See, I have also struggled with the idea of “am I liked?” I always knew I’m loved because I grew up in a secure and loving family, I never doubted being loved, but I always wanted to be liked. Liked by teachers. Liked by the right kids at school. Do people know I’m nice? Am I too nice? If I do more stuff for people will they like me? Am I being needy? Am I being judge-y? Am I being awkard? Too outspoken? Too quiet? Do people care about what I have to say? These are things that constantly went through my head. Honestly, I still think them, but so much less than I used to.


To me, finding my identity in Christ has meant confidence in who I am. I am fearfully and wonderfully made by the God who knows my heart and would stop at nothing to find me.


So, while I still have doubts about myself and still want to be liked by everyone (who doesn’t?), it doesn’t hold me back or stop me in my tracks. I’ve accepted that not everyone gets along with everyone and there will be people who I don’t mesh with. That’s okay. I can acknowledge my feelings and remind myself that at the end of the day, it doesn’t matter who likes me because the King of the Universe loves me and I can rest in that Truth. I can speak my mind without fearing that others will not like me for it. I also don't have to make everyone happy or even meet everyone's needs, that's not my job. I have the freedom to choose who I serve and how and I can do so joyfully.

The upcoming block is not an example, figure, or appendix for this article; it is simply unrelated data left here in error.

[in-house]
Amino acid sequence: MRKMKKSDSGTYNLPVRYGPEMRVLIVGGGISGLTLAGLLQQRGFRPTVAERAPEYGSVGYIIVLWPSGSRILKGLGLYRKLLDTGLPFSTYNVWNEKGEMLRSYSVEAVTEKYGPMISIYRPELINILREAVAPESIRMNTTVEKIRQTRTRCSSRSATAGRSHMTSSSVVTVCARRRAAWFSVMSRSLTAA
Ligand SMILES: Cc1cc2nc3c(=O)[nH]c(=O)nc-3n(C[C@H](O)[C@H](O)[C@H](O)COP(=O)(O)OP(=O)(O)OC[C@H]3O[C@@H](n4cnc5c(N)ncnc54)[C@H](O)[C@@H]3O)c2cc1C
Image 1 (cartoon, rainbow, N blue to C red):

Sarah-Freedom from the need to be perfect

I am a recovering perfectionist.


I know there are a lot of mixed reviews on the enneagram, but I am pretty confident that I am a one. Ones are the reformers--critical, perfectionistic, possessing a LOUD inner critic and having a strong fear of being bad. I have been this way for as long as I can remember.


When I was a little girl, I used to write letters to my grown up self. I would beg adult Sarah to stay a Christian and to be good. I was terrified I might grow up and walk away from Jesus.


I knew that God was loving, but I just thought perhaps He didn't love me. I thought maybe I could earn His love or find assurance of salvation if I did a lot of things for Him.